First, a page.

There was a road that went down through there, way on down in yonder, and houses built on each side of that road real close together. Most of them were built just alike.

Now, the store was along here somewhere. They had a company store just for the people that lived here. People could go by and get anything they wanted, get it on credit, run an account. They had a commissary and they could buy their groceries and things there with scrip. They called it "clacker."

Way on down in there, they had a baseball field. Miners could play ball, and they'd play with different communities all around this area. Seem like I heard that they had a dance hall somewhere, too."

We drove onto the grounds of a creosote plant, where the foreman let us walk up to the old mine.

"The mine entrance is right here in these bushes. The mine went down that road to the river. That's the way the slope went, down that road on a gradual downhill under the Deep River. The main shaft branched off and went different ways. It was so tight in some of them places down there, they more or less had to sit down or work stooped over to pick the stuff out.

When the mine was running, they had a tipple here. That thing went way out yonder and up high. When the coal came out of the mine, there'd be little cars, just like a car that runs on the railroad now, but smaller. They'd get there and dump the coal in these big railroad cars.

They had an engine room up there, with a great big hoist that had a cable that went down in the mine to pull the cars out. They used little mules on the side tracks to get the coal out to the main track."

We drove along the edge of the forest.

"The cemetery is out here. I'll turn in right here and we'll get out and look at this little marker here. They moved the church after the mine closed down. They have a marker for the people killed in the explosion:

May 27, 1925. 53 men died in Farmville Coal Mine explosion, 300 yards southeast of cemetery. Known victims buried in this cemetery are Claude V. Johnson - Charlie Wood - Henry Grady Hall - W.E. Byerley - W. Hollis Richardson.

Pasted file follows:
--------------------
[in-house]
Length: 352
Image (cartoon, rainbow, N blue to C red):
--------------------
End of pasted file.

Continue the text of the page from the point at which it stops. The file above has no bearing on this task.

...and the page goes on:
My mother and dad knew them and I knew them. Henry Grady was Pinky's uncle, my brother Joe's wife. The Richardson man lived in the camp. Charlie Wood boarded with us. Mama kept some boarders for men who didn't have a family here. I knew a lot of the people that had fathers killed.

Some of them were buried here and yonder and different places. It was probably a week or more before they got all the bodies out. There was a fire down there. They said that they were badly burned.

They didn't have enough caskets. They just had to leave the bodies until they could get more from somewhere out of town."

She stops and looks down. I don't think she wants to talk anymore. Then she casts around for a glimmer of light in her memory of that grim day.

"One of the ladies chopping cotton that day with my mama was Mis' Garner. She had two girls and a son. Her husband worked in the mine. Mis' Garner thought he was in the mine when the explosion happened. But he didn't go in that morning, because the old cow got loose. He missed getting killed because he had to go get the cow."

This is an excerpt from the "Listening for a Change" project of the Southern Oral History Program at the University of North Carolina at Chapel Hill. 

“Egypt Coal Mine." Marker H-41. North Carolina Historical Highway Marker Program. http://www.ncmarkers.com/Markers.aspx?sp=search&sv=H-41 

Image credit:

Seward, Chris. 2000. "Margaret Wicker." News & Observer. Copyrighted.

Origin - location: